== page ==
Minor Fourths, Major Fifths
We’ve all been taught that most intervals are either major or minor… but that unisons, fourths and fifths are special intervals, considered “perfect.”
Let’s question that for a minute. I’m going to describe an alternative way of thinking about it that I think makes more sense. Not to convince anyone to adopt it—I’d say the standard terminology is more or less here to stay. But let’s consider an alternative just for the sake of shedding some sensible new light on harmonic ideas we take for granted. I think you’ll enjoy it.
The age-old terminology
Ok, so look at the circle of fifths:
Let’s label each note by its “scale degree” in the key of C. In other words, the interval formed by each note when it is placed above C:
We’re using the standard abbreviations for intervals: perfect (P), major (M), minor (m), augmented (A) and diminished (d).
Notice how most of the notes on the right side are major (green) and most on the left side are minor (blue). The exceptions are the perfect intervals P4 and P5.
Revamping the age-old terminology
What if we were to rename our perfect fourth and fifth?
What if we called them the minor fourth and major fifth instead?
At the bottom of the circle is the tritone. Instead of calling that note the augmented fourth or diminished fifth, let’s call it the major fourth or minor fifth.
Here’s a summary of the changes:
- perfect fourth → “minor fourth”
- perfect fifth → “major fifth”
- augmented fourth → “major fourth”
- diminished fifth → “minor fifth”
Ok, so why on earth would we want to do all that?
For starters, look what it does to the circle of fifths:
Everything clockwise from the root—the “bright” sounds—are now considered major.
Everything counterclockwise from the root—the “dark” sounds—are now considered minor.
The tritone, which can be either bright (the augmented fourth) or dark (the diminished fifth) depending on context, is now major or minor, accordingly. (I previously discussed these notions of bright and dark in a blog post called Harmonic Brightness & Darkness—you might want to check that out.)
Pretty nifty, no?A musical world with minor fourths and major fifths? Perhaps not as crazy as it sounds… #musictheory Click To Tweet
Look at what the new terminology does to the various modes of the major scale. First let’s look at all the modes, along with the notes in each scale, according to standard nomenclature:
Look at how much simpler and more systematic it is using the new terminology:
- The only perfect interval is also the only scale degree present in all the modes.
- The darkest mode, Locrian, is now made up of a root plus all its minor scale degrees.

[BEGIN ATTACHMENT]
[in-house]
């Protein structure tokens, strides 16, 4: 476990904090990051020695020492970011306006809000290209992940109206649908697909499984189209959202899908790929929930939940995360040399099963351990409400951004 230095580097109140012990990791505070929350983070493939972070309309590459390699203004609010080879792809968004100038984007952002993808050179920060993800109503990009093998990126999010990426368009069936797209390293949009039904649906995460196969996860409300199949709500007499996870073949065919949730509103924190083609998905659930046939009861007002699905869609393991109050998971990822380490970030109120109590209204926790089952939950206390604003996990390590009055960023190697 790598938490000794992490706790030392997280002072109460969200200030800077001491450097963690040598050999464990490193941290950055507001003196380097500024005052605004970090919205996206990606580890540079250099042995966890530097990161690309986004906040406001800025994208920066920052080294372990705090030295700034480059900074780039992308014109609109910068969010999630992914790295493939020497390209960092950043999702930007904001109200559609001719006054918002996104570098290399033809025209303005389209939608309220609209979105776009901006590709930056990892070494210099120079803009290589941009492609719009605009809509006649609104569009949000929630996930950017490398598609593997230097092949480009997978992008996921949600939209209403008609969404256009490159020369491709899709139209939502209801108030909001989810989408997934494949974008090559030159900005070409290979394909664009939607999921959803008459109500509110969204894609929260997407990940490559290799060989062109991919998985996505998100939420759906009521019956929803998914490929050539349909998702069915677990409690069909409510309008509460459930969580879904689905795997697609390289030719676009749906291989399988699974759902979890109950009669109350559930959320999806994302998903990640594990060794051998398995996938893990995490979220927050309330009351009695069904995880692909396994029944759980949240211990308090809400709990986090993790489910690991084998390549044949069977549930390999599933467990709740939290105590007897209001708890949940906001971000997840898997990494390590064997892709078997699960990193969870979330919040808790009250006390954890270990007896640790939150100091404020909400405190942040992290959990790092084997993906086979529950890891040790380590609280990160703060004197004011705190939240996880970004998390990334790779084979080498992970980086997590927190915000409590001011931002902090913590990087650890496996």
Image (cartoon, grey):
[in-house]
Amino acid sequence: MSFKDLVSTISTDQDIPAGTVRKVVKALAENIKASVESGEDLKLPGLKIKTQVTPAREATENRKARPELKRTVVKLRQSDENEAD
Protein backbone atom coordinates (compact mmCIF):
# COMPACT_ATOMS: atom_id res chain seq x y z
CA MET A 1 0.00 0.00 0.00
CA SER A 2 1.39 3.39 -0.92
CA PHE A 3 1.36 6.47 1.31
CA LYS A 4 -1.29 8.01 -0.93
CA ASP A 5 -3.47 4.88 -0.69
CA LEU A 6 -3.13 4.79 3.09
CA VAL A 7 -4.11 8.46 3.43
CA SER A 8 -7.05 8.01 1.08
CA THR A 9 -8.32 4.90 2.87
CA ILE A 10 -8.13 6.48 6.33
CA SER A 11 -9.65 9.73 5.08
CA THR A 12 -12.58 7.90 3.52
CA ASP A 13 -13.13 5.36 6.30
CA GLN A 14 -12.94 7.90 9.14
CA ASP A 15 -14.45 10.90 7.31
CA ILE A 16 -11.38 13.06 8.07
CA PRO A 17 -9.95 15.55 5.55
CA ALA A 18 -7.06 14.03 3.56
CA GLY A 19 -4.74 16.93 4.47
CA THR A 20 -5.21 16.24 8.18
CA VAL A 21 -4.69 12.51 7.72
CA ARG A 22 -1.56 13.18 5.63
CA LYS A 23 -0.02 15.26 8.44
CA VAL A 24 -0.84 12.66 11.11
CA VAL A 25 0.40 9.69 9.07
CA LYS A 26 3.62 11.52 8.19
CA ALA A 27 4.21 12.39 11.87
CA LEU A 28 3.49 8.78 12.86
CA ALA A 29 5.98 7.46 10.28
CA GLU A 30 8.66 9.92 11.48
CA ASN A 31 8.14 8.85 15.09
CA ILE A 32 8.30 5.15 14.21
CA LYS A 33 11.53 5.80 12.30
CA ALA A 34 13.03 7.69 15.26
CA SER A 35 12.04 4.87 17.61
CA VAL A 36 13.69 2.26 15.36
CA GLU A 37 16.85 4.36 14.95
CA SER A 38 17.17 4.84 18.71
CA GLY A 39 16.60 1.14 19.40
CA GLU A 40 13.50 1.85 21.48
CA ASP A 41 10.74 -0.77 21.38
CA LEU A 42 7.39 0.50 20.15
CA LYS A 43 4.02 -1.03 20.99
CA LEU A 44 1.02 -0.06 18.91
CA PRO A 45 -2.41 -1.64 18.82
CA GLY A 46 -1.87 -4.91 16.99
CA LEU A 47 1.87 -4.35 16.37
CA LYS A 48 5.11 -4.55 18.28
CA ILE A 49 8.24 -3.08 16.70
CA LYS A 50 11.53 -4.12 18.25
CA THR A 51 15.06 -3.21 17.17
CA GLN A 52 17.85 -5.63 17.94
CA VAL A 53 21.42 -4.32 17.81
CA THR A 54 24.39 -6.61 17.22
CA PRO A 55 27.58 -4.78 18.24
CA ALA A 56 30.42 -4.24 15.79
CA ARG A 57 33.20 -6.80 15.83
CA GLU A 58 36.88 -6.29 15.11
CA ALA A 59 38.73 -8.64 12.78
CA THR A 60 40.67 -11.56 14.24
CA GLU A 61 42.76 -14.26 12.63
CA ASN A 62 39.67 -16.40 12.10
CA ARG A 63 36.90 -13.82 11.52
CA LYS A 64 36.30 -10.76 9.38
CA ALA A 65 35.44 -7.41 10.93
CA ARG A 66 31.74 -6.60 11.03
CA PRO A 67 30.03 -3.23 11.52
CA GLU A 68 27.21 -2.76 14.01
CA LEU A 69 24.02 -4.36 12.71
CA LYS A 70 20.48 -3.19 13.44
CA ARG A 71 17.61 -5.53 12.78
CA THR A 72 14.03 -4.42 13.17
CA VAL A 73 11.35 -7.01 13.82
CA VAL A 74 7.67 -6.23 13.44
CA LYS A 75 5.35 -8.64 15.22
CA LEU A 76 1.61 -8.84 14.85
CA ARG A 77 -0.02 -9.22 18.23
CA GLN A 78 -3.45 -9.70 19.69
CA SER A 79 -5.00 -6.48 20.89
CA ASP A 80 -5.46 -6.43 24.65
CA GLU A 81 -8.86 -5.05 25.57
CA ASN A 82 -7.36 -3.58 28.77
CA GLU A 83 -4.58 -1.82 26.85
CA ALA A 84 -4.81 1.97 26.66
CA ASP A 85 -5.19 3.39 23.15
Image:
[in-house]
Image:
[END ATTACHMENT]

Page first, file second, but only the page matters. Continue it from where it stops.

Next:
- The brightest mode, Lydian, consists of a root plus all its major scale degrees.
The new system still preserves the rule that inversions of major intervals are minor intervals and vice versa: the inverted minor fourth is the major fifth, and the inverted major fourth is the minor fifth.
Lastly, the new system eliminates the need for the terms “diminished” and “augmented” in classifying intervals. Granted, one will still want to use those terms for various purposes (such as the diminished seventh interval), but now every interval can be named major or minor, with the exception of unison and octaves, which are perfect.
Without a doubt, this is a cleaner way of categorizing notes… and it makes our major/minor terminology align a little more closely with our notions of sonic brightness & darkness.
There are many possible objections. Let me field a few:
OBJECTION: “The unison, fourth and fifth are called perfect because none of the other intervals sound as pure.”
The unison is the most “pure” sound. Unison means two notes with exactly the same frequencies . Indeed, that is different from all other intervals, and deserves the unique label “perfect”.
After the unison, the octave has the simplest ratio – namely, 2:1. It too is considered perfect. I didn’t mention it earlier simply because adding an octave (or octaves) never affects an interval’s quality of major, minor, etc. Since unison is perfect, the octave interval is perfect too.
After those, the fourth and fifth have the simplest frequency ratios – namely, 3:2 (the fifth) and 4:3 (the fourth). But the major third (5:4) comes quite close; why not call that call that perfect as well? The purity of the fourth and fifth doesn’t put them in a qualitatively different class from the other intervals, just at one end of a consonance/dissonance continuum, of which semitone, tritone and major seventh are at the other extreme. We don’t have a special designation for those intervals; nor should we have one for fourth & fifth.